*The second wānanga to support the iwi’s waka tāngata kaupapa was held at Kaiteriteri from June 21 – 23, with about 40 iwi members and support crew braving the chilly but beautiful waters of Kaiteriteri.* And it was smiles all round as whānau young and old came together in the spirit of learning and whakawhanaungatanga. Big mihi to the whānau at Te Awhina Marae – who are always the most welcoming hosts – and also to the whānau at Te Pūtahitanga o Te Waipounamu, which is supporting these wānanga via Whānau Ora Wave 9 funding. The next Hoe Kia Rite wānanga will be focused on more intensive training of the crew who will take part in the Tuia 250 event at Meretoto in November. And of course, watch out for the launch of our waka tāngata at Rotoiti in October!

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Save the date!

Save the date!

This year the iwi’s Hui-a-Tau will be held on Sunday, September 22 at Omaka Marae in Blenheim. The hui will start at 10am and will be followed by lunch. We’ll also be holding an event for whānau prior to the AGM, on Saturday, September 21, so be sure to keep that weekend free. We’ll send out more information in the next few weeks, but in the meantime whānau, mark it in your calendars. Hope to see you there.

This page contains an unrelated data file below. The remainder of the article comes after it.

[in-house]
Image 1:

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Tyrone’s winning message

Tyrone’s winning message

*Another Ngāti Apa ki te Rā Tō rangatahi doing us proud is Tyrone Bird. Tyrone took out the Pei Te Hurinui Jones Senior Māori section at the Tairāwhiti Ngā Manu Kōrero secondary school speech competition in Ruatōrea late last month. * Tyrone, who attends Te Kura Kaupapa Maori o Hawaiki Hou in Turanganui a Kiwa (Gisborne), challenged the use of European teaching in Māori education. He told Māori TV: “For Māori who are consuming European narratives, I say give me the Māori teachings about the void, the night and the world of light so that I may know I have a spirit, stop giving me the narratives of the father, the son and holy ghost,” says Bird. Tyrone will join Te Ao Marama Nepia, who won the Junior Māori section at the Te Tauihu regionals in Picton in May, at the nationals in Te Papaioea (Palmerston North) in September.

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Pahi planning

Pahi planning